As disciplines go, you can be forgiven for believing there is very little in common between the sport of rugby and digital marketing in 2018. After all what has 15 brutish men battling over the forlorn oval ball got to with driving online sales and enquiries anyway? Well from my experience, more than you might think.
But first a little about me…
Having first started playing the humble game of rugby in Summerhill College at 12 years of age, it fast became my game of choice throughout my teens and early 20s, even going so far as to specialise in the game through a college degree course. My love for the sport stemmed from the unrivalled camaraderie and willingness to win among all team members, and, down through the years we shared many victories (and losses) together making many lifetime friends and memories.
What has all this got to do with Digital Marketing I hear you ask?
Modern digital marketing practice is a multifaceted activity employing a range of different (yet complementary) tools. Rugby teams too are multifaceted, with individual team units such as the forward and backs have individual team goals & KPI’s. Forwards for instance are charged with winning possession of the ball at set pieces such as scrums and lineouts. In digital marketing, we employ two search engine tactics (search engine optimisation & search engine marketing) in order to win website traffic.
Speaking about set pieces, rugby fraternities often through the phrase “getting clean ball” around when it comes to winning possession. In many ways, this describes digital marketing optimisation processes designed to improve the calibre of website visitors.
But the similarities don’t end there. Most readers will be familiar with a few select players on the Irish Rugby Team. Through no fault of your own, readers will be far more familiar with players such as Rob Kearney, Conor Murray & Johnny Sexton, simply because the media amplifies Ireland’s success on the back of these players.
Let’s take a look at Ireland’s world renowned victory against France in the 2018 Six Nations Championship where Johnny Sexton landed an 82nd minute drop goal, clinching victory at the death. In watching the video below, look at the work rate of Jack McGrath (#17) and Devin Toner (#19) in the lead up to the kick.
Did you notice the extraordinary amount of work Jack & Devin got through to help Johnny get in position over 41 phases of play? Without their work and the work of 12 other players, Ireland wouldn’t have won the game and gone on to win the Six Nations Grand Slam. However, Johnny Sexton reaped the plaudits for the victory.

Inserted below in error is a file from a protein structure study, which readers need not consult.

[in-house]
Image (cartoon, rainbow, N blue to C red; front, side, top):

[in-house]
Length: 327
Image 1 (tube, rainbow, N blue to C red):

A similar story happens in Digital Marketing. Often the plaudits for a sale or enquiry are attributed to a single channel, when in actual fact that is not the case. For instance, a website visitor may have read your recent blog post, visited your Facebook page, and opened your email marketing newsletter before taking the Google and clicking on your pay per click ad. Each channel had a role to play in gaining the conversion, however the kudos is often attributed to the final channel that gained the success. In reality it is a team effort with each and every player contributing to the overall goal in their own, individual way. Savvy digital marketers understand each channel has a role to play and attributes success to each and every channel employed.
Rugby is also a highly analysed activity. Individual performances, unit performances, team performances and even the opposition are reflected upon by the coaching team following victories and losses. Every on pitch decision carefully analysed in order to achieve better outcomes in future.
In digital marketing, we employ the very same strategic thinking and analysis. Every outcome is an opportunity to improve. Whether it’s a sales funnel update, acquisition strategy adjustment or even succinct tweak to a call to action, every step should be analysed and improved upon to afford greater return on investment in the future.
So there you have it. Do rugby players make the best digital marketers? Who knows!
But what we do know is there is a variety of similarities that can be drawn between the digital marketing practice and the game of rugby.